The Logical Necessity of Group Selection

There has been a long-standing debate about the notion of group selection, the idea that populations of organisms can be selected for en masse over competing populations.  The Darwinian “purists” claim that natural selection (NS) only acts at the level of individuals.  But if that’s true, then how can multicellular organisms be subject to NS?  After all what are multicellular organisms if not a group of single cell organisms?…

Types of Emergence

Stability can be thought of as a measure of agency. That is, the more stable a system is, the better we are able to recognize it as a distinct agent, a system that actively, structurally or by happenstance persists through time, space and/or other dimensions. Burton Voorhees defines a concept of virtual stability as a “state in which a system employs self-monitoring and adaptive control to maintain itself in a configuration that would otherwise be unstable.” He clarifies that virtual stability is not the same as stability or metastability and gives formal definitions of all three.* By making a distinction between stability, metastability and virtual stability, we can gain further clarity on agency itself and the emergence of new agents and new levels of organization.…

Dangerous Ideas

Daniel Horowitz just forwarded me an interesting article in which Steve Pinker is debating and defending the merits of exploring dangerous ideas even though they may threaten our core values and deeply offend our sensibilities. What struck me most interesting (and laudable) was Pinker’s willingness to play devil’s advocate to his own argument and suggest that maybe exploring dangerous ideas is too dangerous an idea itself and thus should not be adopted as a practice:

But don’t the demands of rationality always compel us to seek the complete truth? Not necessarily. Rational agents often choose to be ignorant. They may decide not to be in a position where they can receive a threat or be exposed to a sensitive secret. They may choose to avoid being asked an incriminating question, where one answer is damaging, another is dishonest and a failure to answer is grounds for the questioner to assume the worst (hence the Fifth Amendment protection against being forced to testify against oneself). Scientists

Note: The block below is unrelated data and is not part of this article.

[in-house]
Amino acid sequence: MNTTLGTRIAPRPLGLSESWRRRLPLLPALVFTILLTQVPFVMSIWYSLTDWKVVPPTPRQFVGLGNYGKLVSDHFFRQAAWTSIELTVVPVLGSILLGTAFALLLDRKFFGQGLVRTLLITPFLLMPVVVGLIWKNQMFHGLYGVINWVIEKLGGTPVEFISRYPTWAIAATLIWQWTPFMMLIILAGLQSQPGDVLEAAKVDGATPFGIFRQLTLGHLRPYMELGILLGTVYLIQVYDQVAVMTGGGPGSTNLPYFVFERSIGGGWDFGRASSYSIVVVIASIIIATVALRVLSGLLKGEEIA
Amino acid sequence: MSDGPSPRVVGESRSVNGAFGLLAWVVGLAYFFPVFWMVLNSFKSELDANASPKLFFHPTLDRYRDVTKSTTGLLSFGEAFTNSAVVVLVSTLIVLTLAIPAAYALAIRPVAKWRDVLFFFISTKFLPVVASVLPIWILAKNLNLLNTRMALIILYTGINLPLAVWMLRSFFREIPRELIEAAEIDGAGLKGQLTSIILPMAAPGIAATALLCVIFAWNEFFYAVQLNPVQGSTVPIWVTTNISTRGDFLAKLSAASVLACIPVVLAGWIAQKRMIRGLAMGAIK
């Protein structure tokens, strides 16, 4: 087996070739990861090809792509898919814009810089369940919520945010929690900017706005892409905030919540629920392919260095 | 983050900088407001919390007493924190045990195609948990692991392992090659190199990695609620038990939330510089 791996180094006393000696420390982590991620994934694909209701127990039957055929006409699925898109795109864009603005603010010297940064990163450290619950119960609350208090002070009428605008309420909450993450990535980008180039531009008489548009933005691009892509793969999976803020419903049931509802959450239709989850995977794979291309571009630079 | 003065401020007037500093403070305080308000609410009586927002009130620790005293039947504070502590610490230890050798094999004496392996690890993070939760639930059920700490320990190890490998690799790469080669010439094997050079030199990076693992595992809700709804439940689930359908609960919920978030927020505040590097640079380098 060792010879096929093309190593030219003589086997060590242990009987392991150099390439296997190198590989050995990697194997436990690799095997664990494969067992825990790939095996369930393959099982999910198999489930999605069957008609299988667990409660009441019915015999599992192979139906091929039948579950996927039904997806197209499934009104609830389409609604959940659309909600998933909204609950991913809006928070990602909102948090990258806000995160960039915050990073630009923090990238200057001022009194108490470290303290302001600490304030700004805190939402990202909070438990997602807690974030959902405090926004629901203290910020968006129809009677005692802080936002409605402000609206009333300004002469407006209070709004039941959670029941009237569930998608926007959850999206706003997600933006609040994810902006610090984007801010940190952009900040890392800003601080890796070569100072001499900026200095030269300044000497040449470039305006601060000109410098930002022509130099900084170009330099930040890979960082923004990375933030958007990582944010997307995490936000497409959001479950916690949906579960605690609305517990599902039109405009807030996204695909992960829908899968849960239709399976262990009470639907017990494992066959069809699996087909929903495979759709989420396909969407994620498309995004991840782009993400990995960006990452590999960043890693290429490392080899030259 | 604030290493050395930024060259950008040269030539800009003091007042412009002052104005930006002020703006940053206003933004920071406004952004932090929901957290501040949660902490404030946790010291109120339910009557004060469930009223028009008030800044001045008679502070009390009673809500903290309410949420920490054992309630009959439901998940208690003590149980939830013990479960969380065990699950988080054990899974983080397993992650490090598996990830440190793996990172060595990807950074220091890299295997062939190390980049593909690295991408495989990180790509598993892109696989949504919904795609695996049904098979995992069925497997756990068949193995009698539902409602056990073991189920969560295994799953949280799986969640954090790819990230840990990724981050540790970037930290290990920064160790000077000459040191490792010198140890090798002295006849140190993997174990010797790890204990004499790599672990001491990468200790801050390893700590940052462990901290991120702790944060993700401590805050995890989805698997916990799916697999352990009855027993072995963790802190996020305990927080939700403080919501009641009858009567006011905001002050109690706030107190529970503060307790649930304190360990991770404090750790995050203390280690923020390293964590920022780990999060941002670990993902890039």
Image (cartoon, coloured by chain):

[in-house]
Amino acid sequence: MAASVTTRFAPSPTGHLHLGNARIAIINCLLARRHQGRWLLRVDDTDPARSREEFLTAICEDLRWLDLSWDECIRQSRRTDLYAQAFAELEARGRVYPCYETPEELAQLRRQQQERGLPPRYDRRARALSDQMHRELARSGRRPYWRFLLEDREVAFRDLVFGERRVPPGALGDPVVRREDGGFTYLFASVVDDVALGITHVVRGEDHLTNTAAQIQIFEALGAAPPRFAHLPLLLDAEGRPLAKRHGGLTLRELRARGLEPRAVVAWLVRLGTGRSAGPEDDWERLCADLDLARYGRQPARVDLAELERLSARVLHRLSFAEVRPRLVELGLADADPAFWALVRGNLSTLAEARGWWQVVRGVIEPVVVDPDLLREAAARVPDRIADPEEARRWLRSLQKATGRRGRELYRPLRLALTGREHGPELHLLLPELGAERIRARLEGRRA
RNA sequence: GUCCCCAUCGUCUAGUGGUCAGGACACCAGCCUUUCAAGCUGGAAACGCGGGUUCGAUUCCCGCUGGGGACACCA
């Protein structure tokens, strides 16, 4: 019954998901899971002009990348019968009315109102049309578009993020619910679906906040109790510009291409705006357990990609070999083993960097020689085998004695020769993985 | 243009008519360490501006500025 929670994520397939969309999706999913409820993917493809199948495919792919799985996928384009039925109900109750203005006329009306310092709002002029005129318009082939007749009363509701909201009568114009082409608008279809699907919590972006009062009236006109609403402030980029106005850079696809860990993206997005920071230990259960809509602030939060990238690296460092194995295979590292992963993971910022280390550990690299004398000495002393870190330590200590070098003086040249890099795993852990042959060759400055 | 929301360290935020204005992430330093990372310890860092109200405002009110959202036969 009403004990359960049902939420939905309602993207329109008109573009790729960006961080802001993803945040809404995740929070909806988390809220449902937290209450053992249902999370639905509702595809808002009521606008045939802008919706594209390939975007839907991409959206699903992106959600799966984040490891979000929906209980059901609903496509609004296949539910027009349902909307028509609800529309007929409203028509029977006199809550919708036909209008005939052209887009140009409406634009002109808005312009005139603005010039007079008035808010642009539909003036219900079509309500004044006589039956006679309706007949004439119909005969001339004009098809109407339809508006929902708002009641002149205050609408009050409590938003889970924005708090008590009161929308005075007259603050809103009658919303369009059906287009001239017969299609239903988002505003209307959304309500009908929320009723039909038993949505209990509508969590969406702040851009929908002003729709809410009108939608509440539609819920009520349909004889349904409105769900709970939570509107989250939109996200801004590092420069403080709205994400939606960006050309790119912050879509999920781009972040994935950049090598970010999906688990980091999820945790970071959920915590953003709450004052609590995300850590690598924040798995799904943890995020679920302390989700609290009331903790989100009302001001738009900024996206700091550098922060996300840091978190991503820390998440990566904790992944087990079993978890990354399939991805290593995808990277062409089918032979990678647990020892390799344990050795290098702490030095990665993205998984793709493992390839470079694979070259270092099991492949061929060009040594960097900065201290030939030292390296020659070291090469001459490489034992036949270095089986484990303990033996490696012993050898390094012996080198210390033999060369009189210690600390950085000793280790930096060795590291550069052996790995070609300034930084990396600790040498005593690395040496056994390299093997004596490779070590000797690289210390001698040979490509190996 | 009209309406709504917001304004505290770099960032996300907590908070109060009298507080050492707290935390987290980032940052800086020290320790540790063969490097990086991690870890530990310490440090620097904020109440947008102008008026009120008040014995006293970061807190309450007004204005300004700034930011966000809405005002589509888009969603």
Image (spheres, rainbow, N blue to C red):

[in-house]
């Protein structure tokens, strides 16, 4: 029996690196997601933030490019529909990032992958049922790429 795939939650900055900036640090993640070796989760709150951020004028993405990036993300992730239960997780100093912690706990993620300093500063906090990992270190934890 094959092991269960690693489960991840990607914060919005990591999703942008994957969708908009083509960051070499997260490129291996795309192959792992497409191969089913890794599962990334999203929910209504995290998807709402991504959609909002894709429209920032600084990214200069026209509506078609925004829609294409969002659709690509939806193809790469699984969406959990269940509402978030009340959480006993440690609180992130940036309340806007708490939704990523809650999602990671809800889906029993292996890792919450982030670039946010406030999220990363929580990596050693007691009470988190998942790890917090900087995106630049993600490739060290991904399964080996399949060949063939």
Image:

Cooperation and Competition

It is well-understood that the primary relationship between agents in an evolutionary system is that of competition for resources: food, mates, territory, control, etc. It is also recognized that agents not only compete but also cooperate with one another, sometimes simultaneously, for instance hunting in packs (cooperation) while also fighting for alpha status within the pack (competition). If we look at inter-agent behaviors as existing on a continuum of pure competition on one end and pure cooperation* on the other, it is clear that there is broad range both within species and between agents of different species. Originally, cooperative behavior was explained away as an exception to the general competitive landscape and happened only when two agents shared enough genetic code (such as between parent and child) that cooperation could be seen as a form of genetic selfishness. While this true in a narrow sense, it misses the larger point which is that cooperation between any two or more agents can confer advantages to all …

Mechanisms of Agency

The following is a non-exhaustive catalog. Note that these mechanisms are in fact emergent properties of the system under study, a fact which has some fairly profound consequences when considering the lowest known levels in physical systems. Read Ervin Laszlo’s chapter, Aspects of Information, in Evolution of Information Processing Systems (EIPS) for more theoretical background.


The most trivial form of stability we can think of is an agent existing in the same place over time without change. This may only make sense as you read on, so don’t get caught up here.


Keeping time in the equation but allowing physical location to vary, we see that agents can move and continue to exist and be recognized as the “same”. This is obvious in the physical world we live in, but consider what is going on with gliders in the Game of Life. The analogy is more than loose since cellular automata are network topologies which mirror physical space in one or two …

Cultural Agency

Talking about culture from a complex systems standpoint requires a bit of inductive leap of faith as follows. If you buy the argument that agents emerge from agents (and interactions thereof) at lower levels, then it is clear that there is some level of agency above individual humans.* What we call this level varies according to who is telling the story and what the thrust of their thesis is: population, culture, society, memetics, economy, zeitgeist, etc. The reality is that all of these levels (and more) co-exist, and we are talking about interlocking systems at varying “partial levels” with dynamic, and only loosely constrained, information flow. Nonetheless, there are common elements and properties that we can discuss that are at the very least distinct from the realm of an isolated individual human being.